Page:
Thomas Karagiannis, Andre Broido, Nevil Brownlee, KC Claffy, and Michalis Faloutsos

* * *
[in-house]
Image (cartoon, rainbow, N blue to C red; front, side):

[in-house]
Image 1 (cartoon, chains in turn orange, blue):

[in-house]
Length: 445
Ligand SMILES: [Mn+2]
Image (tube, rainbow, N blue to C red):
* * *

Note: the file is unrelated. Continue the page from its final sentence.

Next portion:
Since the outbreak of peer-to-peer (P2P) networking with Napster during the late ’90s, P2P applications have multiplied, become sophisticated and emerged as a significant fraction of Internet traffic. At first, P2P traffic was easily recognizable since P2P protocols used specific application TCP or UDP port numbers. However, current P2P applications have the ability to use arbitrary ports to “camouflage” their existence. Thus only a portion of P2P traffic is clearly identifiable. As a result, estimates and statistics regarding P2P traffic are unreliable. In this paper we present a characterization of P2P traffic in the Internet. We develop several heuristics that allow us to recognize P2P traffic at nonstandard ports. We find that depending on the protocol and metric used, approximately 30%-70% of traffic related to P2P applications cannot be identified using wellknown ports. In addition we resent several characteristics for various P2P networks, such as eDonkey2000, Fasttrack, Gnutella, BitTorrent, Napster and Direct Connect, as seen in traffic samples from two Tier1 commercial backbones in 2002 and 2003.